Page 3: The need for an injection of new life
All markets change over time. Fashions alter, tastes change, technologies develop, people adjust their lifestyles, preferences and expectations. Taken together, these factors cause products to experience a product life-cycle that follows a pattern of introduction, growth, maturity, and decline.
By charting the various phases in a product's life, an organisation's marketing department can decide if, when and how best to inject new life into the product and so extend its period of usefulness and value to the company.
The chart below illustrates the life-cycle of a product and shows how a timely boost might extend its useful life.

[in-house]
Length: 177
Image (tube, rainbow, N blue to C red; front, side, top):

In the example below, the effect of an injection of new, creative ideas has the effect of extending the life of the product. Success is not guaranteed. Like all business decisions, there is a risk involved. Not all attempts to breathe new life into a product pay off.
In 1999 Kellogg's undertook a huge process of strategic market research. The company hoped that the research would provide valuable insights about the brand, its icon Tony the Tiger and the current position of Frosties within its product life-cycle. The research focused on children under the age of 12 years, who are the main target market for Frosties. The data collected was both qualitative and quantitative.